Yeah, fine. Lame jokes and cheap symbolism. Maybe you could fit Alwyn Cashe in there too?

  • That "(ish)" carries a lot of weight, unfortunately. David French invites his fellow citizens: Come On in America, the Libertarian(ish) Water Is Fine.

    When people press me to identify my ideology, the answer depends on the sophistication of the audience. When I’m casually talking to someone I just met, and they ask me about where I stand politically, I’m not going to say, “I’m a libertarian-leaning pro-life classical liberal.” The best-case response is someone thinking, “Nerd!” Worst-case, you’ll come across as some sort of pretentious ass. So I just say “conservative” and see where things go. 

    But I really am a libertarian-leaning pro-life classical liberal, and the stories above help illustrate why. As I explained at length in a recent Sunday newsletter, I’m drawn to classical liberalism by its respect for the dignity of the individual. I am pushed more toward libertarianism by the relentless failures of central planning and the disproportionate impact of those failures on vulnerable communities.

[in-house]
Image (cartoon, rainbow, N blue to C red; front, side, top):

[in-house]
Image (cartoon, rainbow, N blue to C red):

Uh fine. But it's only been a little over a week since French was inveighing against "open carry" of weaponry, advocating that states "tightly restrict" such.

    As I've said before: such laws would be literally unprecedented in New Hampshire, which has never had prohibitions or major restrictions on open carry. As far as I can tell, we ain't quaking in fear about that.

    So I fear that French's "libertarian(ish)" bent is: "libertarian, unless you're doing something that offends me or creeps me out".

  • Apologizing for numbers. PowerLine (and many others) noted this tweet:


    What is most striking to me, apart from the sheer stupidity of this tweet, is the low opinion that liberals seem to have of other liberals. The Women’s March people evidently assume that their fellow liberals are so fragile that they will be emotionally wounded by the mention of $14.92. Hence the need for an apology. I don’t know, maybe they are right. Maybe liberals really are that pathetic. But I think if I were a liberal, I would be offended.

    Just wait until their average donation is $19.84.

Last Modified 2021-11-26 7:38 AM EDT